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  • CBN moves the needle. Last week Thursday, for the first time this year, CBN conducted a special OMO auction where it sold Stabilization securities (STAB) worth N287.7 billion. This came after subscription levels (N403 billion) at Thursday’s auction were 42% and 41% shy of planned offer (N700 billion) and OMO maturity on the same day (N684 billion) respectively. In addition to OMO issuances earlier in the week, CBN net issued N248.7 billion in the first week of December alone.
  • The Elephant in the room. It all started in November, where CBN grappled with pent up liquidity in the system following higher OMO maturities (N1.89 trillion) and higher FAAC distribution (+13% MoM to N788.1 billion) and its reverberating effect at the Investors and Exporters Window.  As earlier posited, the repatriation of funds by offshore investors continued into November with a total outflow of $2.8 billion (vs. $2.0 billion in Oct). According to our analysis, of the $2.1 billion staged to mature in the month, a total of $1.6 billion was repatriated. This alongside demand from foreign Non-bank financial institutions and importers cascaded into widening of the demand-supply gap at the IEW to 49.3% MoM to $1.2 billion. Consequently, we saw depreciation of the NGN at the parallel market (N367.5/1$) and NAFEX (N364.1/1$) market which informed CBN’s decision to move the needle on naira liquidity (Total OMO sale last week: N932.7 billion).
  • Scope for another STAB exist? Coming into December, with OMO maturities for the month at N2.3 trillion (vs N1.8 trillion in November), the Elephant in the room is pretty much around. In fact, we estimate FPI outflows to the tune of $1.6 billion (akin to November we assume that 83% of estimated offshore holdings for the month would be repatriated) which should leave the CBN with net outflow of $1.3 billion in December (vs $1.2 billion in November). In tackling this menace, we think CBN will remain fixated on keeping the currency stable at least pending when political uncertainties wane and crude oil inflow show signs of stamina. Consequently, we see scope for incessant liquidity mop up to wade off further attacks on the naira. However, in the event that CBN is unable to fill its coffers at subsequent OMO auctions—particularly on days where we have OMO maturities—we see room for further use of Stabilization securities to drive the apex bank’s quest of keeping the market illiquid.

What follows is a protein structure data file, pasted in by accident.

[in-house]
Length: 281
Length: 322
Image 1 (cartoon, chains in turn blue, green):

• Room for higher Fixed income yields exist. Having laid the foundation for a tighter monetary policy in a bid to limit the outflow of offshore funds, we see room for higher fixed income yields in December. For us we think monetary influences will continue to trump downward pressure on yields emanating from expectation of thinner FG paper supply (ARM est. N28.2 billion in December vs N87.2 billion in November) after factoring the $2.8 billion and N100 billion Sukuk bond expected to come in Next week.


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